Powered by NewsLook.com
Despite Rising Death Toll, Many Survive Ebola

Despite Rising Death Toll, Many Survive Ebola

AP (Oct. 23, 2014) — The family of a Dallas nurse infected with Ebola in the US says doctors can no longer detect the virus in her. Despite the mounting death toll in West Africa, there are survivors there too. (Oct. 23) Video provided by AP
Powered by NewsLook.com
Orthodontist Mom Jennifer Salzer on the Best Time for Braces

Orthodontist Mom Jennifer Salzer on the Best Time for Braces

Working Mother (Oct. 22, 2014) — Is your child ready? Video provided by Working Mother
Powered by NewsLook.com

Search ScienceDaily

Number of stories in archives: 140,361

Find with keyword(s):
 
Enter a keyword or phrase to search ScienceDaily for related topics and research stories.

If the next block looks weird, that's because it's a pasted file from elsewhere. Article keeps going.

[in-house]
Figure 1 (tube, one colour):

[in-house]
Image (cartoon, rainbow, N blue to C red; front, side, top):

Save/Print:
Share:  

Breaking News:

Strange & Offbeat Stories

 

Health & Medicine

Mind & Brain

Living & Well

In Other News

... from NewsDaily.com

Science News

Health News

Environment News

Technology News



Save/Print:
Share:  

Free Subscriptions


Get the latest science news with ScienceDaily's free email newsletters, updated daily and weekly. Or view hourly updated newsfeeds in your RSS reader:

Get Social & Mobile


Keep up to date with the latest news from ScienceDaily via social networks and mobile apps:

Have Feedback?


Tell us what you think of ScienceDaily -- we welcome both positive and negative comments. Have any problems using the site? Questions?
Mobile iPhone Android Web
Follow Facebook Twitter Google+
Subscribe RSS Feeds Email Newsletters
Latest Headlines Health & Medicine Mind & Brain Space & Time Matter & Energy Computers & Math Plants & Animals Earth & Climate Fossils & Ruins